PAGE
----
Popular culture has largely portrayed a lightning strike as an event akin to winning the lottery or another extremely improbable occurrence. However, better data collection efforts over the last decade have shown lightning’s danger to be underrated at best.
To put the statistics in perspective:
According to the Lightning Protection Institute (LPI), lightning strikes thousands of people each year, injuring a few more than 1,000. Have you ever been afraid to go swimming after watching ‘Jaws’? Well the probability of being struck by lightning is approximately 30 times more likely than being attacked by a shark. You should be watching the sky, not the water around you!
I personally know two people who have been struck by lightning; one lived, one did not. While this is entirely anecdotal evidence, it does beg a question as to why lightning is generally not taken seriously as a threat. My personal theory is that it’s a combination of the misconception that lightning strikes are extremely rare and the commonness with which we encounter lightning.
Lightning can also be very damaging to property; according to the Insurance Information Institute (I.I.I.), there were 213,000 lightning related claims last year. These losses include damage to expensive electronics and structural fires. The I.I.I. further estimates that the average lightning claim to be $4,846.
- Lightning never strikes the same place twice. Wrong. Lightning often strikes the same place twice, especially if that place is tall, metallic, and isolated. While we’ll forgive you for using the expression in casual conversation, don’t believe it to be true.
- You are safe from lightning if you can see the sky. Wrong again. Lightning often strikes outside the area of a thunderstorm or rainstorm, sometimes several miles away. Just because the storm is not overhead does not mean you are safe.
- Lightning rods attract lightning. Wrong. Lightning rods provide a safe place to ground the surge of electricity should lightning strike.
Lightning Warning Signs:
If you are caught in a storm, pay attention to how you feel. If your skin beings to tingle, you hair stands on end, you smell an acrid odor in the air, or you get a metallic taste in your mouth, you might be about to experience a lightning strike. Get low to the ground and follow the steps below.
What to do and not to do (Compiled from the I.I.I, LPI, & Essortment):
- Stay away from bodies of water, such as lakes and swimming pools – even indoor swimming pools.
- Stay clear of isolated trees, flagpoles, telephone poles, hills, and rooftops. Get out into an open field or road.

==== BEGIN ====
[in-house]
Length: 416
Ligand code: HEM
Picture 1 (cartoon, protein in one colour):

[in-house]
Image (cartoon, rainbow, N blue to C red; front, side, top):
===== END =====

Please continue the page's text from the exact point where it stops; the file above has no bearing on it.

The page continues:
- Of course NEVER touch metal objects such as wire fences, golf clubs, aluminum baseball bats, bicycles, during a lightning storm.
- If you are caught out doors during a thunderstorm, crouch down and keep your head as low as possible and only let your feet touch the ground – rock forward on your toes if possible to get as much of your feet off the ground. Do not touch the ground with your hands to balance yourself.
- NEVER lie down on the ground – you want as much of you off the ground as possible. The electrical current from a nearby lightning strike can travel toward you along wet ground.
- Even indoors you must use common sense. Always stay away from electrical appliances, metal pipes, get off the phone, stay out of the shower and bathtub and do not use any wired appliance.
- If you are caught outside with a small child, hold the child on your lap up off the ground as you crouch around them.
- Realize that lightning is a powerful force of nature and it demands that you develop a healthy respect and fear of it. Stay indoors during lightning storms!
- If someone has been struck by lightning, provide first-aid immediately. It is perfectly safe to touch someone who has been struck by lightning—you will not get an electrical shock. Call 911 immediately and begin CPR or use a defibrillator if available.
- Invest in a lightning protection system for your home and or business. A building with a properly installed lightning protection system is a smart investment as it provides proven protection for your family, home and valuables. It is an important safety investment in areas prone to lightning.
Six lightning safety tips that could save your life (scoutingmagazine.org)
LPI and NFPA Partner to Reduce Risks from Lightning (prnewswire.com)
Calculating the Distance to Lightning Strikes (brokensecrets.com)